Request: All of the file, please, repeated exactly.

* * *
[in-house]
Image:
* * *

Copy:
[in-house]
Image: